There is a story in the Jewish Talmud about planting trees. A sage is walking along the road and sees someone planting a carob tree. The sage asks the person, “How long will it take for this tree to bear fruit?”
“Seventy years,” replies the gardener.
The sage then asks: “Are you so healthy a person that you expect to live that length of time and eat its fruit?”
The gardener answers: “I found a fruitful world, because my ancestors planted it for me. Likewise I am planting for my children.” (Talmud Ta’anit 23a)
We drink from wells we did not dig and eat from trees we did not plant (Deut. 6:11). Our physical, intellectual, and religious lives depend on those who have gone before. Following their example will lead us to plant literal and figurative trees for the world of the future.
Trees are on my mind because we’ve just had the Jewish holiday of Tu Bishvat. This is the “new year of trees,” kind of like Earth Day or Arbor Day on the Jewish calendar. It is usually celebrated by eating fruit. When we are eating the first fig or grape or pomegranate of the season, it is traditional to say the Shehecheyanu, the blessing that was referenced in the poem that we heard earlier:
Blessed are you, Spirit of Life
who has sustained us, enlivened us
and enabled us to reach this moment.
In this moment, we give thanks for trees we did not plant, and we take note of the fruits we have among us and the seeds contained within. In this moment, we give thanks for the opportunity to plant for future generations and for the tools available to us now. In this moment, we give thanks for the people who share the delight of planting and harvesting. In this moment, we give thanks for our combined strength that allows us to lift up a vision for the future, a future where trees shelter people we don’t yet know, a future where fruits we will never taste can bring joy and beauty to the world.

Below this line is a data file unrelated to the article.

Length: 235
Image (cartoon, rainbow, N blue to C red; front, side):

This congregation has a lot to consider about its future. There is a meeting today after the service sponsored by the Strategic Planning Team where we will discuss evocative questions about your hopes and values. I’m having conversations with your leaders about how to have greater clarity and energy for your mission going forward. The Ministerial Search Committee is quietly going about its work, and we send our most fervent, confidentiality-respecting prayers for their well-being and smooth path. This is the phase of the interim period when members metaphorically link arms and get ready to leap into the next chapter as a whole congregation.
Together is the key word. The words you have chosen as your Song of Exultation (“Creative Love, Our Thanks We Give,” by William DeWitt Hyde), set to a new tune today by Michael Holmes, is about people together, not individuals. Let’s unpack it. What we choose is part of what we are. So is the impact of what other people choose. So are the legacies we claim. We contain multitudes. What we are as a community is shaped by many sets of choices. We gather in worship and in discernment to guide our congregational choices.
“What we love we yet shall be.” If we’re lucky, we are called into what “we yet shall be” by the spirit of Love. We will not get to perfection, the “goal may ever shine afar.” We don’t have to be completely finished in our growing and developing before we can take on the work of love, we don’t have to be experts to be on the journey. Yet we fix our gaze on Love. We orient our path toward right relationship, compassion, and acceptance, framed by loving and life-affirming boundaries. We create a space where people can come for solace and challenge and inspiration. We take on the disciplines of open minds and open hearts, so that we can be warm and welcoming to new people who would make this path and this community their own. Because we know the “goal may ever shine afar,” we build a congregation that can continue to carry people forward when we are gone.
“The will to reach it;” the commitment we bring to pursuing the path we’re called to by the spirit of Love; the ways we voluntarily put our whims, our personal preferences, and even our momentary comfort on the back burner so that we can travel this path together–that collective willpower is a sign of our freedom. I will have more to say about freedom and responsibility in a few weeks, here is the short version: In Unitarian Universalist theology, freedom doesn’t mean doing whatever you want, it doesn’t mean ignoring responsibility, it doesn’t mean protection from the discomfort of learning and growth. Freedom means claiming and using our collective power to be co-conspirators with liberation, allies with the forces that create and uphold life.